HackerOne has paid out $20,000 after a high-severity vulnerability was discovered in the bug-bounty platform. The flaw allowed an outside bounty hunter to access customers’ reports and other sensitive information.
Disclosed this week in a HackerOne report, the security incident stemmed from a session cookie that was exposed via human error, during an interaction between a HackerOne staff member and a bug-bounty hunter under the alias “haxta4ok00.” The session cookie was revoked by HackerOne two hours after it was shared.
“HackerOne triages incoming reports for HackerOne’s own bug-bounty program,” according to HackerOne’s report. “On November 24, 2019, a [HackerOne] security analyst tried to reproduce a submission to HackerOne’s program, which failed. The security analyst replied to the hacker, accidentally including one of their own valid session cookies.”
Session cookies are tied to a particular application (in this case, hackerone.com), and won’t block access when a session cookie gets reused in another location.
That means that all platform features were available, as well as a number of customer reports that were supported by the HackerOne representative involved in this incident.
“In this particular case, parts of a cURL command, copied from a browser console, were not removed before posting it to the report, disclosing the session cookie,” according to HackerOne.
Also as part of this, the hacker was able to access a number of reports from HackerOne’s optional service, called Human-Augmented Signal (HAS), which flags reports that look like spam.
After realizing that the live session cookie had been exposed, haxta4ok00 submitted a bug-bounty report for the issue, including its impact and what he was able to access.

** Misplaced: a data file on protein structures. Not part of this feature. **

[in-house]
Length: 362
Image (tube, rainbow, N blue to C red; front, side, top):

After revoking the cookie, HackerOne also said that it audited existing comments to see if other session cookies were leaked in the past; this fortunately did not yield any results.
The irony of the glitch being discovered in HackerOne’s platform — a bug-bounty platform used by companies to connect to white-hat hackers who hunt and submit vulnerabilities in products or services for a bounty reward — is not lost on the security community. Katie Moussouris, founder of Luta Security, pointed out on Twitter that the incident sheds light on concerns around bug-bounty programs in general not being fool-proof, particularly when companies rush into implementing them.
Outsource your triage for vuln disclosure & bug bounties, they said.
The labor market shortage of qualified triage workers is immaterial, they said.
Remember the whole point of these bug bounty platforms was to save you money in pen testing?
Help you find bugs that eluded you? https://t.co/pSlGXYmMIH
— Katie Moussouris (@k8em0) December 3, 2019
Moving forward, HackerOne for its part is implementing several short-term measures. These include including binding the user’s session to the IP address used at initial sign-in, and terminating the session if an attempt is made to utilize it from a different IP address; restricting its employees from accessing resources from specific countries; and updating their bug bounty program policy to include specific actions on when a hacker may have access to a HackerOne account, sensitive keys,or sensitive data.
HackerOne also made a change that allows its platform to detect possible sensitive information, such as session cookies and authentication tokens, in comments and block submission of the comment until confirmation.
And in the longer term, the company said it will increase bounty hunter education around how to handle any similar incidents to this one.
“As the community grows, HackerOne needs to ensure that HackerOne is reinforcing the best practices in bug bounty hunting,” the company said. “The HackerOne Community team will look to increase hacker education around delivering proof of critical severity vulnerabilities in case sensitive information has been accessed by the hacker.”
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